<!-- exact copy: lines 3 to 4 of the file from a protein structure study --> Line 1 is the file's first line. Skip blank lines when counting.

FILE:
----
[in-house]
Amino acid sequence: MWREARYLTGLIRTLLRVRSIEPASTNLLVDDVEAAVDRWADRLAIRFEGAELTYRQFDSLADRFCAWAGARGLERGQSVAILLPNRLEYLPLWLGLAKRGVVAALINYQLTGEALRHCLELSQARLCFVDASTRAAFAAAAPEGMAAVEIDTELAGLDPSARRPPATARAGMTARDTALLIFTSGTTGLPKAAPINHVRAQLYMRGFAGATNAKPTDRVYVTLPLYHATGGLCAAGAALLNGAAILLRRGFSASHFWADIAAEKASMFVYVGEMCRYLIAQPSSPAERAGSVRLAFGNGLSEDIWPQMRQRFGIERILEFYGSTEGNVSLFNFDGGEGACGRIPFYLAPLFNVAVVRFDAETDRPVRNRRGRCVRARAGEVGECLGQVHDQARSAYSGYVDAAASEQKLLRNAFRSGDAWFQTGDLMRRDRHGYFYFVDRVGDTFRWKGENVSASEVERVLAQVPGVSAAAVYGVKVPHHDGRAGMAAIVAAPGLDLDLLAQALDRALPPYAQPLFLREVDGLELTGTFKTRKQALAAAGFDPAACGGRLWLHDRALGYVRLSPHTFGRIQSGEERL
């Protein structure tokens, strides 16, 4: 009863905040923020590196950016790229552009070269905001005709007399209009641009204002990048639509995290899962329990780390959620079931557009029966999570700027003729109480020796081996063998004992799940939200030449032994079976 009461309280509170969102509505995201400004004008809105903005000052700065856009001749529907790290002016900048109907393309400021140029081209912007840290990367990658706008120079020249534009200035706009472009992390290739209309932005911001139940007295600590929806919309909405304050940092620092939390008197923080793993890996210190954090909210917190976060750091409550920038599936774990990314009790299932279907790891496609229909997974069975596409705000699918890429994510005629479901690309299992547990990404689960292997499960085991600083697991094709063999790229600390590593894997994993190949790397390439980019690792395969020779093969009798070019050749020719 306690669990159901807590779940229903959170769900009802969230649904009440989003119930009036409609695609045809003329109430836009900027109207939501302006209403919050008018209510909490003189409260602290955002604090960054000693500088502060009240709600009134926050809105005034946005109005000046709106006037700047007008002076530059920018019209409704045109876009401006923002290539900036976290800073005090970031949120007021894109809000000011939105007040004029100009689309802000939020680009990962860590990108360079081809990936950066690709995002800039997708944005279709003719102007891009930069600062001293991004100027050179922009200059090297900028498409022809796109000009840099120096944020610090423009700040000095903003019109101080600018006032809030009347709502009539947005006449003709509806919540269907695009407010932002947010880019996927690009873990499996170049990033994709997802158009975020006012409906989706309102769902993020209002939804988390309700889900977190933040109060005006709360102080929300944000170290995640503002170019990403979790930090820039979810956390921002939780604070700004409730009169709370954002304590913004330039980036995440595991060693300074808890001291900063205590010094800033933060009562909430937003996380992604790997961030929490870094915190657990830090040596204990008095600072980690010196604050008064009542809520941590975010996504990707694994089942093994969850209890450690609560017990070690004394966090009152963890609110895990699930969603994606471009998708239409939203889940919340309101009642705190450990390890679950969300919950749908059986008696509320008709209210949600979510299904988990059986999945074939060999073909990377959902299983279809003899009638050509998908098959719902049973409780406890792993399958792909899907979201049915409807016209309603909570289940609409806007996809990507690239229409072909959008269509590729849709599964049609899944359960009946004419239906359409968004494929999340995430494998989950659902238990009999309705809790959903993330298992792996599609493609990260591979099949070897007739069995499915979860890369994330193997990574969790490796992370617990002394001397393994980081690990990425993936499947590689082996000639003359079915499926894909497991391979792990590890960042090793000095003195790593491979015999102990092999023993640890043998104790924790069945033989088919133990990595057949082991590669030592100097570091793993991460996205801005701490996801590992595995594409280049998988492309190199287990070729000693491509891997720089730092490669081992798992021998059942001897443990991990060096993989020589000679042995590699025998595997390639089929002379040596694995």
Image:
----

């Protein structure tokens, strides 16, 4: 009863905040923020590196950016790229552009070269905001005709007399209009641009204002990048639509995290899962329990780390959620079931557009029966999570700027003729109480020796081996063998004992799940939200030449032994079976 009461309280509170969102509505995201400004004008809105903005000052700065856009001749529907790290002016900048109907393309400021140029081209912007840290990367990658706008120079020249534009200035706009472009992390290739209309932005911001139940007295600590929806919309909405304050940092620092939390008197923080793993890996210190954090909210917190976060750091409550920038599936774990990314009790299932279907790891496609229909997974069975596409705000699918890429994510005629479901690309299992547990990404689960292997499960085991600083697991094709063999790229600390590593894997994993190949790397390439980019690792395969020779093969009798070019050749020719 306690669990159901807590779940229903959170769900009802969230649904009440989003119930009036409609695609045809003329109430836009900027109207939501302006209403919050008018209510909490003189409260602290955002604090960054000693500088502060009240709600009134926050809105005034946005109005000046709106006037700047007008002076530059920018019209409704045109876009401006923002290539900036976290800073005090970031949120007021894109809000000011939105007040004029100009689309802000939020680009990962860590990108360079081809990936950066690709995002800039997708944005279709003719102007891009930069600062001293991004100027050179922009200059090297900028498409022809796109000009840099120096944020610090423009700040000095903003019109101080600018006032809030009347709502009539947005006449003709509806919540269907695009407010932002947010880019996927690009873990499996170049990033994709997802158009975020006012409906989706309102769902993020209002939804988390309700889900977190933040109060005006709360102080929300944000170290995640503002170019990403979790930090820039979810956390921002939780604070700004409730009169709370954002304590913004330039980036995440595991060693300074808890001291900063205590010094800033933060009562909430937003996380992604790997961030929490870094915190657990830090040596204990008095600072980690010196604050008064009542809520941590975010996504990707694994089942093994969850209890450690609560017990070690004394966090009152963890609110895990699930969603994606471009998708239409939203889940919340309101009642705190450990390890679950969300919950749908059986008696509320008709209210949600979510299904988990059986999945074939060999073909990377959902299983279809003899009638050509998908098959719902049973409780406890792993399958792909899907979201049915409807016209309603909570289940609409806007996809990507690239229409072909959008269509590729849709599964049609899944359960009946004419239906359409968004494929999340995430494998989950659902238990009999309705809790959903993330298992792996599609493609990260591979099949070897007739069995499915979860890369994330193997990574969790490796992370617990002394001397393994980081690990990425993936499947590689082996000639003359079915499926894909497991391979792990590890960042090793000095003195790593491979015999102990092999023993640890043998104790924790069945033989088919133990990595057949082991590669030592100097570091793993991460996205801005701490996801590992595995594409280049998988492309190199287990070729000693491509891997720089730092490669081992798992021998059942001897443990991990060096993989020589000679042995590699025998595997390639089929002379040596694995």
Image: